The International Rabbinic Fellowship, an organization of over 150 American, Israeli, and world rabbis met this past week at the Pearlstone Conference and
A highlight of the conference was the presence of Rav David Stav, Rabbi of the Shoham community in
Resolutions that were discussed in depth and adopted by the IRF included the official establishment of the IRF’s conversion committee (Va’ad Giur) that will oversee, guide, and ensure the thoroughness of conversions performed by IRF members. The committee consists of several American and Israeli well known rabbinic scholars and has been constituted as a body not to centralize conversions but to help guide the group’s members in conversions that they may effect for their own congregants and constituents.
Said Rabbi Barry Gelman, IRF president, "The IRF's Vaad Giur will serve to ensure that each rabbi retains the proper ability to care for and guide their own candidates for conversion. The IRF Giyur process, which includes a very important mentorship component, guarantees that candidates for conversion will be well prepared and that the Rabbis are provided with ongoing guidance and support."
Orthodoxy’s broadest resolution yet outlining the role of and opportunities available for women working in Orthodox synagogues in Rabbinic capacities was also adopted at the conference.
The following is the text of the resolution as adopted by the International Rabbinic Fellowship:
IRF Resolution on Women in Communal Leadership Roles
The International Rabbinic Fellowship is thankful and grateful to the Almighty and to a cadre of visionary educators, rabbis and communal leaders of the Modern Orthodox community for the amazing growth of Torah learning for women, in all its forms, which has transformed the face of the Orthodox community for the better in the last fifty years.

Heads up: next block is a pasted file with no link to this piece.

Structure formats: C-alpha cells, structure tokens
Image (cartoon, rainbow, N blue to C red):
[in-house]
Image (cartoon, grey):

We strongly support the work and efforts of the myriad of Torah learning programs and institutions for women, both long-established and new, both in the Diaspora and in
We express our support for the sincere desire of the graduates of these learning programs to contribute their spiritual talents to the Jewish people as teachers, spiritual guides and mentors. We also affirm the dedication and sacrifice of so many women in our community, and their desire to serve their congregations and their people in formal leadership capacities, while affirming the specific areas that Halakha delimits.
We strongly encourage communities and their rabbinic leaders to create opportunities to discuss this important phenomenon in an open and reflective manner, in order to enable continuing progress in a spirit of shalom and communal harmony.
In an effort to outline some practical guidelines that we believe our communities should consider – recognizing that each community and its rabbinic leadership retain the authority to determine what is appropriate for their communal context – we affirm that:
Observant and committed Orthodox women who are learned, trained and competent should have every opportunity to fully serve the Jewish community:
1. As teachers of Torah, in all its breadth and depth – Shebikhtav, Shebe‘al Peh and Practical Halakha – to both men and women.
2. As persons who can answer questions and provide guidance to both men and women in all areas of Jewish law in which they are well-versed.
3. As clergy who function as pastoral counselors – visiting the sick, helping couples work through relationship difficulties, taking care of the arrangements for burial, speaking at life-cycle events and giving counsel to individuals and families in distress.
4. As spiritual preachers and guides who teach classes and deliver divrei Torah and derashot, in the synagogue and out, both during the week and on Shabbatot and holidays.
5. As spiritual guides and mentors, helping arrange and managing life-cycle events such as weddings, bar- and bat-mitzvah celebrations and funerals, while refraining from engaging in those aspects of these events that Halakha does not allow for women to take part in.
6. As presidents and full members of the boards of synagogues and other Torah institutions.
For more information about the International Rabbinic Fellowship or its conference contact any of the following IRF officers:
Rabbi Barry Gelman, tel. 713.723.3850, email
Rabbi Hyim Shafner, tel. 314.583.4397, email
Rabbi Nissan Antine, tel. 301.279.7010 x 209, email<email@example.com>
Rabbi Yosef Kanefsky, tel. 310.276.9269, email
Rabbi Marc D. Angel, tel. 212.724.4145, email <firstname.lastname@example.org>
Rabbi Jason Herman, IRF Executive Director, tel. 917.751.5265, email